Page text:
Cablegate: Nigerian National Labour Congress Opposes

This record is a partial extract of the original cable. The full text of the original cable is not available.

090933Z Nov 03



E.O. 12958: N/A

1. (U) The latest stage in the recurring disputes between the
President and the National Labour Congress (NLC) was
President Olusegun Obasanjo's submission of a bill to the
National Assembly to revise laws governing trade unions. The
bill seeks to amend Nigeria's Trade Unions Act by recognizing
multiple trade unions centers and calling for voluntary union
membership. In addition, the bill removes a mandatory 10 per
cent dues check-off for trade union centers, giving unions
the option of financially supporting affiliate organizations
like the NLC.

2. (U) NLC Deputy President Joseph Akinlaja told ConGen's
Political/Labor Specialist that the NLC met on Friday,
October 31, and issued a communique which criticized the
Presidency for its attempt to weaken the organization.
Likewise, during a meeting with Anthony Jones, Country
Director for the AFL-CIO Solidarity Center, NLC President
Adams Oshiomhole characterized GON efforts to dismantle the
current labor structure as a "civilian dictatorship" that has
led unions "to fight for their lives in a way they never had
under Abacha." Oshiomhole added that the NLC is considering
several strategies to defeat the proposed legislation,
including a plan to mobilize opposition to the bill through a
state-by-state campaign to ensure that its rank and file
understands the impact of the GON-proposed revisions.

3. (U) The NLC is also working to form alliances within the
National Assembly and is aggressively seeking support from
several key GON leaders, including representatives of the
Senate and House Committees on Labor and the Senate
President. Akinlaja told PolSpec that the two legislative
houses are quite supportive of labor's stance on a wide range
of issues and key leaders have committed themselves to
defeating the bill. However, the mood at Labor House (NLC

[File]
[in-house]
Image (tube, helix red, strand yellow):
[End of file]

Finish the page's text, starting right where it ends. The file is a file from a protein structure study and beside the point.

headquarters) is not as optimistic, according to Anthony
Jones, who is observing NLC meetings to develop a national
strategy. Jones told LabOff that following the failed
Stakeholders Forum that saw several government leaders
distance themselves from the NLC, the NLC leadership is
beginning to question whether its allies within government
will serve as visible advocates for labor despite pressure
from the Presidency.

4. (U) Although the NLC remains optimistic, it has begun
considering its legal options should the bill pass. While
the NLC is not considering strike as an option to contest
Obasanjo's recent efforts to reform labor laws, its leaders
argue that it has primarily used the right to strike as a
tool to force the GON to honor commitments it has already
made. They believe that a GON commitment to bargain in good
faith and constructively involve unions in promoting
worker-friendly policies would empower labor in other ways
and promote a more industrious process to resolve conflicts.

5. Comment. Union leaders are also seeking labor reform and
have become increasingly philosophical as they reassess their
role in improving the quality of life for Nigerian workers.
Their grievances are more procedural and focus on
establishing a sustainable process for implementing and
enforcing collective bargaining agreements. While unions are
pleased with the collective bargaining process in the private
sector, the GON has struggled to maintain productive
relationships with key labor leaders. The NLC leadership is
concerned that labor's power lies solely in its right to
strike, which has created an environment characterized by

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